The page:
One City Plan - a guide for all of the strategies and plans that exist in the city
|Article written by Sandy Hore-Ruthven, Voscur's Chair of Trustees
Whilst we’ve all known about it for a while, Marvin formally launched the idea of the One City Plan last week at a meeting of city leaders at the Ashton Gate Stadium. About 150 people attended including business, charity and public sector partners all keen to get a sense of what the plan means and how they might get involved.
Marvin described how the One City Plan would act as a guide for all of the strategies and plans that exist in the city. Currently there are 40 or more strategies covering everything from health and social care to transport and housing. Some are contradictory and none look beyond 2022 or 2023 so there is little to say where the city needs or wants to be beyond then. The One City Plan will guide the city to 2050 and highlight the areas of priority for city leaders from all sectors.
So far three areas have been highlighted as a priority. And whilst, between them, they are a catch all for pretty much every issue, they give some indication of where the city plan might head.
• A prosperous and inclusive economy. Every person having access to good quality employment. Bristol will be an innovative and globally connected city.
• People and place. Every person will have a good quality of life within a resilient community. Every child will have a good start in life and Bristol will have a healthy population.
• Healthy Environment and Infrastructure. Good quality connections that enable local, national and international links, we will be a resilient city with a diverse and healthy environment.
Marvin talked about the need to measure our success too – for example reducing the numbers of children in poverty or the number of people suffering from mental health conditions.
A number of organisations including business and the public sector – including Voscur pledged to move the plan forward. Voscur took this decision as the City Plan will give us the opportunity to work with sectors we don’t normally engage with. Many of the issues our members aim to tackle such as poverty and disadvantage are entrenched, and despite long term work by charities and Social Enterprises across the city we are not always able to effect the changes we would like to see. Resilient communities need great charities at their heart but also need good jobs, a clean environment, housing, training, business and connections to really thrive. The city plan should give us the opportunity to work strategically to achieve better outcomes.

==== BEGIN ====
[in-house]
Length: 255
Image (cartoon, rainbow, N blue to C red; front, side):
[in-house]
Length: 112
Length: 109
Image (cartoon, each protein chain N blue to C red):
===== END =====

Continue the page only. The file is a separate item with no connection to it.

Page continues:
The formal consultation process will start in the new year with a final plan by May. So, please keep an eye out for your chance to have a say.
However, I will finish the article with a note of caution. There is nothing in the city plan so far that anyone can disagree with. We all want good jobs, clean air, good housing and a great start in life. And precisely because there is nothing to disagree with the document could well sit on a shelf if we do not make hard choices about what is most important to us as a city.
Only by having tough conversations where there is disagreement and challenge will we generate the creativity, new ideas and relationships we need with other sectors to really make a difference. The challenges of improving air quality whilst increasing access to jobs, building more houses whilst protecting green space, improving support for young people whilst cutting back on services are all challenges that the City Plan hasn’t yet faced. If we don’t challenge and listen to others it will become a meaningless exercise but if we engage with it across the city it could become a catalyst for real change.